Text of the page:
In 2020, when the world was struck with a global pandemic, we all had to adapt to a new status quo. But while we navigated the world of masks and hand sanitisers, employers had to proactively look into sustaining a profitable business while keeping us, their employees safe. As a result, everyone was forced to work from home on mass. Now, three years later remote working is here to stay, with the benefits simply too appealing for both parties. But despite these advantages, cyber security has been an uphill battle for employers due to the greater exposure to online dangers that working from home brings.
Why do we need to be more careful when working from home?
A remote workforce comes with dangers, as employees rely on their home networks – and sometimes their own devices to finish their daily tasks. And with the use of an unprotected home or even a café network comes an increased vulnerability. It is always hard to predict who else has access to our search history, personal or client data, or even passwords! We are far more vulnerable to cyber-attacks without the security protections that office systems afford us – such as firewalls and blacklisted IP addresses.
A recent study found that there has been a 600% increase in reported phishing emails since February last year, with many of them cashing in on the lack of communication between employees. Phishing emails are easily discussed when sitting next to a co-worker helping eliminate the threat, however, when working from home it is much easier to be misled rather than pick up the phone and make sure everything is in order. It is not a secret, that humans are the weakest link in the cybersecurity chain. In fact, most cyber incidents (>75%) involve some kind of human error or oversight. This includes everything from being tricked into giving over your username and password, reusing passwords and making it easier for an account to be compromised, not following up wire transfer requests with a phone call, or even losing devices containing sensitive information.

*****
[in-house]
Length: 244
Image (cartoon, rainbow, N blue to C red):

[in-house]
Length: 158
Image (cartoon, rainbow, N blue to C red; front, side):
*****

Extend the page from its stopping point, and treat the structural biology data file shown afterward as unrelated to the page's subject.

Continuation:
Once a hacker knows that the phishing email was successful, ransomware can be utilised. Ransomware is designed to deny a user from accessing files on their computer/network, for hackers to then demand a ransom for access to their files. With Cyber policies covering for business interruption, insurers often find that the money demanded is smaller than the business interruption costs and therefore pay the hackers in the required digital currency which is then untraceable. More often than not, hackers will know every detail about the business they’re attacking and are almost always likely to extract money from an insurer as they know how much the business interruption costs will be. However cyber criminals do not just attack people with cyber insurance but specifically target businesses that aren’t.
What does cyber insurance cover?
Unfortunately, cyber risk is an exposure that no modern business can escape, and the financial impact of cybercrime, business interruption, and privacy events are now felt within all industries. With solutions designed for businesses of all sizes, our cyber products provide cutting-edge, innovative cover to protect against the very real and growing threats of the digital age.
Why use Clegg Gifford for your Cyber Security Needs?
Not only do we have access to syndicates like other Lloyd’s brokers, we utilise a combination of syndicates, composite markets and MGAs who are aiming to disrupt the status quo.
We have an extensive history within the motor industry and as such, we can cater for all commercial requirements under one roof. In many instances, we blend our income to support multiple placements.
Please do not hesitate to email Londonmarket@cginsurance.com for a competitive quote today or call us on 0203 946 4210.
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